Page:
The original “gem” on Cape Breton, in the cozy coastal town of Ingonish, is the venerable Highland Links course. Designed by the great Stanley Thompson in 1934, Highlands Links is a rolling, rambling, 6-mile crusade that’s long been considered a bucket-list course. As far as I’m concerned, it’s the best layout – in terms of the quality of its golf holes and its masterful routing – in Canada. Unfortunately, its conditioning has, at times, been suspect. However, thanks to some fairly recent developments, that’s well on the road to changing.
What’s also changing in Cape Breton is the quantity of courses. While the historic Highland Links used to be the only valid reason for serious golf junkies to make the trip, there are now a few more fine courses to round out the getaway.
Bras d’or Links, a sprawling Graham Cooke design near Sydney, opened to high praise last year. The course serves up wonderful views of the lake and tips out at 7,100 yards so, make no mistake, you’re getting the full meal deal here.
Opened in 2003, Bell Bay in Baddeck is another relative newcomer that certainly merits mention. Although the course falls short in terms of ocean views, it’s isolated, tree-lined holes – and a stellar finishing run – yield a memorable day of golf in a secluded parkland setting. Another great reason to visit Baddeck is the Alexander Graham Bell museum, a Canadian National Historic site.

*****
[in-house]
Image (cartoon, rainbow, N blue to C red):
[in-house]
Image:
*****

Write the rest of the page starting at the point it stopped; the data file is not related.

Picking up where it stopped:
And, not surprisingly, given the fact that Bandon Dunes founder Mike Keiser is involved in the Cabot Links project, a sister course – Cabot Cliffs – is currently breaking ground and is scheduled to open in 2015.
However, it’s Cabot Links that is, at least for now, getting the bulk of the attention. The course, designed by architect Rod Whitman, is links golf in every sense of the word. While some Canadian courses have a hint of Scottish links (you know, the sandy, wind-blasted duneland near the sea), with perhaps a hole or two that might qualify, the entire experience at Cabot Links unfolds on beautiful and bona fide linksland.
The original visionary of Cabot Links (and Cabot Cliffs, which will be designed by the talented duo of Bill Coore/Ben Crenshaw) is Ben Cowan-Dewar. As one of the fastest players I’ve ever had the privilege of golfing with (we played, walking with our caddies, in two hours and thirty-five minutes), Cowan-Dewar isn’t shy about the remarkable similarities his project has to Bandon Dunes, which is, unquestionably, the most successful major golf development the world has seen in the past decade.